There are no terms being offered, but this is no small deal. The Anagni campus employs some 700 staffers, and Catalent is planning to go right in — once the deal closes late this year — with a blueprint to build up the operations further as they expand on oral solid, biologics, and sterile product manufacturing and packaging.

This is an uncommon deal, Catalent CEO John Chiminski tells me. But it offers a shortcut for rapid growth that cuts years out of developing a green fields project. That’s time Catalent doesn’t have as the industry undergoes unprecedented expansion around the world.

Endpoints News

Basic subscription required

Unlock this story instantly and join 53,000+ biopharma pros reading Endpoints daily — and it's free.

Dave Barrett, Brian Chee, Amir Nashat, Amy Schulman. Polaris

Bob Langer's first port of call — Po­laris Part­ners — maps $400M for ninth fund

Health and tech ven­ture group Po­laris Part­ners, which counts Alec­tor, Al­ny­lam and Ed­i­tas Med­i­cine as part of its port­fo­lio, is set­ting up its ninth fund, rough­ly two years af­ter it closed Po­laris VI­II with $435 mil­lion in the bank, sur­pass­ing its tar­get by $35 mil­lion.

The Boston-based firm, in an SEC fil­ing, said it in­tends to raise $400 mil­lion for the fund. Po­laris — which rou­tine­ly backs com­pa­nies mold­ed out of the work done in the lab of pro­lif­ic sci­en­tist Bob Langer of MIT  — typ­i­cal­ly in­vests ear­ly, and sticks around till com­pa­nies are in the green. Like its peers at Flag­ship and Third Rock, Po­laris is all about cham­pi­oning the lo­cal biotech scene with a steady flow of start­up cash.

Right back at you, Pfiz­er: BeiGene and a Pfiz­er spin­out launch a new­co to de­vel­op a MEK/BRAF in­hibitor that could ri­val $11.4B com­bo

A day af­ter Pfiz­er bought Ar­ray and its ap­proved can­cer com­bo, BeiGene and Pfiz­er spin­out Spring­Works have part­nered in launch­ing a new biotech that has an eye on the very same mar­ket the phar­ma gi­ant just paid bil­lions for. And they’re plan­ning on us­ing an ex-Pfiz­er drug to do it.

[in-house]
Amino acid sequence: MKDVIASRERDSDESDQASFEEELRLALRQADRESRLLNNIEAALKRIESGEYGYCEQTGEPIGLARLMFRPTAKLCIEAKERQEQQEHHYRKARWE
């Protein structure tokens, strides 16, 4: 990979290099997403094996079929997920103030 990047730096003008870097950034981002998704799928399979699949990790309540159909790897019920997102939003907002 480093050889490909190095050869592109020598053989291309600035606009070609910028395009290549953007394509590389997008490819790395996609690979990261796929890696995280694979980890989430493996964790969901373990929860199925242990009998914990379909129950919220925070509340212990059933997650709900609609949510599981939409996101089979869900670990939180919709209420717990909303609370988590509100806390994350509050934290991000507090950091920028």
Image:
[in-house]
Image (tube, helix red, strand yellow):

In a nut­shell, Chi­na’s BeiGene is toss­ing in a pre­clin­i­cal BRAF in­hibitor — BGB-3245, which cov­ers both V600 and non-V600 BRAF mu­ta­tions — for a big stake in a new, joint­ly con­trolled biotech called Map­Kure with Bain-backed Spring­Works.

Partners Innovation Fund

David de Graaf now has his $28.5M launch round in place, build­ing a coen­zyme A plat­form in his lat­est start­up

Long­time biotech ex­ec David de Graaf has the cash he needs to set up the pre­clin­i­cal foun­da­tion for his coen­zyme A me­tab­o­lism com­pa­ny Comet. A few high-pro­file in­vestors joined the ven­ture syn­di­cate to sup­ply Comet with $28.5 mil­lion in launch mon­ey — enough to get it two years in­to the plat­form-build­ing game, with­in knock­ing dis­tance of the clin­ic.

Canaan jumped in along­side ex­ist­ing in­vestor Sofinno­va Part­ners to co-lead the round, with par­tic­i­pa­tion by ex­ist­ing in­vestor INKEF Cap­i­tal and new in­vestor BioIn­no­va­tion Cap­i­tal.

Sanofi aligns it­self with Google to stream­line drug de­vel­op­ment

Tech­nol­o­gy is bleed­ing in­to health­care, and big phar­ma is rid­ing the wave. Sanofi $SNY ap­point­ed its first chief dig­i­tal of­fi­cer this Feb­ru­ary, fol­low­ing the foot­steps of its peers. By May, the French drug­mak­er and some of its big phar­ma com­pa­tri­ots joined forces with Google par­ent Al­pha­bet’s Ver­i­ly unit to aug­ment clin­i­cal tri­al re­search. On Tues­day, the Parisian com­pa­ny tied up with Google to ac­cess its cloud com­put­ing and ar­ti­fi­cial in­tel­li­gence tech to spur the de­vel­op­ment of new ther­a­pies.